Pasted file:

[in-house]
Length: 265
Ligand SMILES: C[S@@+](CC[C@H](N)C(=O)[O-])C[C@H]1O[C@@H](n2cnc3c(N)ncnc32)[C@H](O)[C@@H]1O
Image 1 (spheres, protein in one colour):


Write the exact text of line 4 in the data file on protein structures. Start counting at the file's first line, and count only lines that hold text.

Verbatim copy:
Image 1 (spheres, protein in one colour):